Past a certain point in life, everyone has more or less baggage that they and their partners have to deal with. Not all baggage is made equal, and having a kid at the age of 27 isn’t quite the same as dating a widower who took a vow to love another person until ‘they both shall live’, but whatever the baggage is, there are practical and constructive ways to ensure it doesn’t stand in the way of true happiness. Today, we explore what both partners can do to help each other overcome obstacles past that still affect their future, and how they can both grow from it.
#1: Define Your Baggage As Clearly as Possible
After 9 years of marriage, he just packs up one day and leaves with a younger woman. You spend months hating your life and everything in it when one day you meet someone handsome and smart with an insane amount of the same interests as you, and you make the effort to imagine what your life would be like with someone else in it. You start talking, and he seems like a breath of fresh air you desperately need to get out of the rut that is dragging you down, when all of a sudden you realize he has a child. What does that mean for you? Well, it probably means you won’t always come first, and a substantial part of his resources has to be devoted for the care of the child. Does that mean the two of you have too much baggage that you just can’t make a relationship work? Absolutely not! If he understands what deeply rooted sadness is and is supportive of you on your journey to ‘self-rediscovery’, you’ll feel that much more motivated to accept him the way he is, with all his flaws and responsibilities, and vice versa.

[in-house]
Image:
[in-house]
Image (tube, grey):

#2: Nurture The Good
Instead of focusing on the fact that you won’t see him on Saturdays when you’d love to go for walks, travel out of town or spend all day in bed because you can as he spends Saturdays with his child, shift your focus towards something that brings you together, like your passion for design. So you’ll hang out on Sundays. You can absolutely make the most of it by planning out a date that both of you will find interesting and fulfilling, such as making a meal together before the football game is on or taking photographs on the changing seasons in March at a park downtown.
#2: Being Understanding Is Key
There will be times when your sadness just overpowers you so much, you can’t deal with a fact your life has changed so, and there is nothing your partner can do about that. Learning to accept that fact will allow you to embrace life as it is, no matter what you had planned. At the same time, there will come a situation when his kid’s high fever will prevent him from going out to the movies with you even though you were really looking forward to that premiere. That doesn’t mean you can’t do something exciting once the little one is back on his feet as long as you both understand that not being 100% available is perfectly fine.